• Above all, if your interviewer is tough, don’t take it personally. You’ve gotten to the stage in the interview process where the company believes you may be a good fit for the job and organizational culture. The interviewers are presenting actual scenarios that you may be faced with as a consultant working with a Fortune 100 client, as a financial relationship manager on a multi-million dollar client account, or as a brand manager at a consumer products and goods (CPG) firm. Personalities don’t always mesh. If you remain positive, professionally courteous, and un-phased when faced with a difficult interviewer, then you show resilience and demonstrate the ability to rise to the occasion when dealing with a challenging person. In your professional career, you will encounter challenging peopleeither clients or co-workersso be prepared for them in an interview scenario.

Your thought process. Sure, you’re a smart person: an adaptive, innovative, creative leader with a solid GPA, excellent time management skills, and good emotional intelligence (EQ). With an MBA or Master’s from Hopkins, you will surely be an asset to any company. True. How are you prepared to demonstrate your exceptional thought process no matter what case you are given by the interviewer?

Remember why employers case. Cases are usually actual scenarios that the company has encountered over the years with clients. They are looking to see if you offer innovative ideas to their team (ideal), if you are generally thinking along the same lines as what they presented to their client (satisfactory), or if you are totally off in left-field with a rogue thought process (not recommended).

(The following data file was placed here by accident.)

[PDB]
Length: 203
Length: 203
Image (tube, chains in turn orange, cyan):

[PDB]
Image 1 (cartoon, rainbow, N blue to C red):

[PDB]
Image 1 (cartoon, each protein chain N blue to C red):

• Remember your magnificent brain! Don’t panic if you find yourself being presented with a case interview you haven’t prepared for, isn’t your strongest area of expertise, or is on a topic you don’t have a clue about. You will only send yourself into fight/flight mode, which is proven to prevent your brain from thinking creatively.
  • Remind yourself you are excited to solve challenging problems and ask clarifying questions. In a real client scenario, it is true you may have more time and resources to work through a solution, but trust your initial instincts and pay attention to gut reactions.
  • Remember to state your assumptions. Curiously inquire about big picture areas but do not ask the interviewer for the answer. Get clarification if you don’t understand. Remind yourself of the main objective to guide your thought process.

Your ability to articulate logic. Confidence is key. When a company or organization engages a consultant team to help solve a business problem, it is looking for the presentation to have well-thought out solutions backed by knowledge. This is being tested through the case interview process. When you and your partner are presenting the information you have prepared for a client, is it believable? Supported by reliable sources? Solution-focused?